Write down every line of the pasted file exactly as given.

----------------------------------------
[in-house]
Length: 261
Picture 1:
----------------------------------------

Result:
[in-house]
Length: 261
Picture 1: